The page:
Swimming through sea-sons of change

Human Nature

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I love stability, but in recent weeks, I’ve only felt its absence.

I feel overwhelmed all the time. I rarely make time to walk, sitting glued to my computer all day long, and I feel like I’m juggling more things than I can reasonably handle. I fall asleep and eat at random times, clean manically and struggle to communicate with family and friends.

But while I am wrestling with the present and deeply afraid of the future, I have a lot of beautiful memories associated with the past. I decided to write this piece because I wanted to think of a time that made me feel peaceful, revisiting joyful places and memories as a way to soothe my currently frazzled mind.

For example, I absolutely love the Oregon Coast. Every year, my parents would whisk me out of school for an extended weekend. We’d drive for a few hours before reaching Lincoln City, where my mom’s math teachers’ conference was held each year.

While my mom attended meetings and presentations, my dad, my grandparents and I walked along the beach, searching for agates, flying kites and occasionally fishing. I relished the salty wind, the cloudy sunsets and the rugged terrain, entire trees getting washed ashore, serving as play structures for the young and benches for the old.

There was something extremely comforting about the sameness of that trip. Every 365 days, I could return to the same dining room, stand in the same line, drink the same pulpy orange juice from the same fancy, fluted glass and load my plate with the same chewy yet satisfying scrambled eggs, maple bacon and hashbrowns. I could descend the same crooked stairs, often covered in mounds of accumulated sand, and, after returning from the beach, I could wash my sand-encrusted toes with water from the same ancient faucet.

When high school started, it suddenly just didn’t make sense anymore to take time away from school. There were always too many obligations — Advanced Placement exams, orchestra concerts, homework assignments — tethering me in place.

I did, however, eventually return to the Oregon Coast. I went with some friends during the summer before the start of college, a trip to celebrate the end of high school and enjoy the company of people that are, to this day, very dear to me.

The trip was incredibly fun, but I couldn’t help noticing the ways that trip differed from those of my childhood. Stability was gone, only to be replaced by sporadic moments of intense joy interspersed in a cloud of confusion, anxiety and — especially that summer — fear. Starting college terrified me, and I remember feeling utterly unprepared for the future.

When I was younger, it was easier to drop everything and go to Lincoln City. But as life got more complicated, I felt the ease of my connection to the Oregon Coast gradually slip away.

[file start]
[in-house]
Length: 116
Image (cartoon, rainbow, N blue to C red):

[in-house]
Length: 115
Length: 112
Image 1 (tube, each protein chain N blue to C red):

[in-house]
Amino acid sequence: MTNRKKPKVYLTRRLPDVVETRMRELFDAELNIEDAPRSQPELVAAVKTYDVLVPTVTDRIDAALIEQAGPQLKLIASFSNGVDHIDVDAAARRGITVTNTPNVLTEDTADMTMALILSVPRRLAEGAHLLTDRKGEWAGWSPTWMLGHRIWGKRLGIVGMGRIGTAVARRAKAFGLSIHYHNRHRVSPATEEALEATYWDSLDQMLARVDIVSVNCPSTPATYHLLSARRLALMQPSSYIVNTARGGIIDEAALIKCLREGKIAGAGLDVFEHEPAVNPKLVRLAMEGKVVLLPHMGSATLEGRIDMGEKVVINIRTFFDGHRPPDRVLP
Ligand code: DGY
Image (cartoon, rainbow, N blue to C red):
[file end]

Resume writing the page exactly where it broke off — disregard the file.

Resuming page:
As a kid, I just went with the flow, blissfully unaware of the sacrifices that were or weren’t being made in order for our trip to go without a hitch. My schedule was always open — heck, I didn’t have one. It was only when I began high school that I started using a planner, a notebook I’d anxiously stuff into my uncomfortably large backpack after every class and feverishly consult before daring to make any plans.

These days, even when I just want to walk around the neighborhood, I feel myself compulsively running through a list of obligations in my head, glancing down at my planner and double-checking to make sure I can spare the time. I often plan my outings days in advance, and even then, I fret about whether or not I’ll have time to complete the tasks asked of me.

So, as much as I pine after the Lincoln City beach that I visited as a child, going back now wouldn’t necessarily result in the experience I long for. I’ve grown up. It’s a bittersweet thing to confront, but I can’t deny that my relation to the Oregon Coast has shifted.

Maybe the reason I want to go back to Lincoln City isn’t that I want to go back to that particular beach. Maybe it has more to do with a deeper wish to go back to the time in my life when I didn’t have the obligations and pressures that I have today.

Every time I think back to those trips, I add another coat of varnish, another layer of paint to an idea that I have memorialized in my brain. These places become less real and more fantastic to me with each passing year, and I feel my distance from them grow.

Unlike the seemingly blank, ominous future, the past is resolved, and I relish the satisfaction and the certainty of the happy endings that exist in my memories. I cling to the past like a koala joey clings to its mother. I know I am not alone in my tendency to get lost and stay lost in the past, but my memories are mine alone — mine to cherish, but also mine to long for.

People change, nature changes and the places and people you love won’t always be there for you, at least in the way they might have been in the past. But the world is enormous, and we are tiny. We’re all barnacles clinging to the whale that is this planet, along for the ride — in constant motion yet fixed in place at the same time.

Lia Keener writes the Thursday column on the relationship between humans and the natural world. Contact the opinion desk at [email protected] or follow us on Twitter @dailycalopinion.